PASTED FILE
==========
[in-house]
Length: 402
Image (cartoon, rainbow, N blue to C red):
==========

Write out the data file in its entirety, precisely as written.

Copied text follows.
[in-house]
Length: 402
Image (cartoon, rainbow, N blue to C red):